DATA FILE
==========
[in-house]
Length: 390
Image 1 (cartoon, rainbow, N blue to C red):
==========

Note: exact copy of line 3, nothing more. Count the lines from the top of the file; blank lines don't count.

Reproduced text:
Image 1 (cartoon, rainbow, N blue to C red):